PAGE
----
Sustainable design in the United States is for many a sort of Rorschach test. The construction industry is either making steady progress toward the ultimate goal of a carbon-free building sector, or it’s moving entirely too slowly, missing key targets as the ecological clock keeps ticking. The perplexing truth to all of this is: both are ostensibly true. In recent decades the industry has become significantly more energy efficient. We’ve added building stock but flattened the energy curve. The cost of renewables continues to drop. But way more is required, much more quickly. At the same time, huge hurdles remain. Without a renewable grid and stringent energy codes, it’s hard to see how we can fully decarbonize the building sector in even 20 years, let alone at the timeline suggested by increasingly worried climate scientists. It’s the classic good news/bad news scenario (or vice-versa, depending on your mood).
Carbon Neutral: The Latest Architecture and News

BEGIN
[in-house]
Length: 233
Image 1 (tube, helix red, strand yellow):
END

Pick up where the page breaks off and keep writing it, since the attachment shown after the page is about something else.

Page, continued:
3XN/GXN have revealed their design for a new CO2 neutral and climate positive addition to the Hotel Green Solution House (Hotel GSH), in Rønne on the Danish island of Bornholm. Scheduled for 2021, the new wing including 24 rooms, a conference room, and a roof spa, is expected to provide a positive climate footprint when built, a novelty in Danish commercial buildings.
KPMB Architects and Suffolk recently broke ground on Boston University’s new Center for Computing and Data Sciences. The Center aims to be a striking new addition to Boston University’s central campus and its first new major teaching center in a half-century. As the tallest building at Boston University, the 19-story, 350,000-square-foot structure will bring the institution’s mathematics, statistics and computer science departments under one roof.
In the quest for carbon neutrality, the City of Helsinki in Finland announced its action plans to minimize greenhouse gas emissions substantially by 2035. The city’s fully owned energy company, Helen Ltd, a producer of district heating, power, and district cooling, aims to augment this policy by converting its largely coal and natural gas energy production processes to climate-neutral energy production, thereby eliminating carbon dioxide emissions fully by 2050.